Shakespeare and Richard II
How accurate are Shakespeare’s historical plays? Harold F. Hutchison compares the dramatist’s account of Richard’s downfall with the actual course of events.
The story of Richard II is usually quoted as a classic example of a Prince who, as a young King, displayed the fairest promise, but who deservedly lost his throne because of his own folly and an insane lust for tyranny. Shakespeare’s play is widely accepted as the authentic history of a despot who deserved his fate, and who is only rescued from our contempt by the pathos of his abdication and the bravery of his end.1
Most of us have two other memories of Richard II. We remember a handsome fourteen-year-old boy who faced Tyler’s mob at Smithfield, alone and unafraid. We have a more confused recollection of a group of Richard’s barons known for obscure reasons as the Lords Appellant whom we are for ever mixing up with another group of barons in an earlier reign known as the Lords Ordainers.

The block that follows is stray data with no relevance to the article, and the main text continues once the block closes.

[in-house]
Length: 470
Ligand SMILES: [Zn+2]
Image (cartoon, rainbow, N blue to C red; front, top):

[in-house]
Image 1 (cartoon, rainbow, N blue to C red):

Neither Shakespeare nor our text-books have done much to clarify our confusions or to reconcile that brave fourteen-year-old with the pathetic neurotic he is usually supposed to have become, and, lacking evidence to the contrary, most of us have continued to assume that the Shakespearean version is reasonably reliable history.
Where is Shakespeare inadequate and wrong? His play deals with the last two years of a reign of twenty years—it therefore tells us nothing of Wat Tyler or the Lords Appellant—and it was planned as the first of a tetralogy that had for its consistent theme the Nemesis that overtakes usurpation. In introducing his chosen theme—and no one can object to it—Shakespeare took liberties with history As a dramatist he may have been fully justified, that is not for me to argue. He could not be expected to be more accurate than his sources, and he is not to be blamed for the fact that they were tainted and Lancastrian. But where in fact was he totally in error?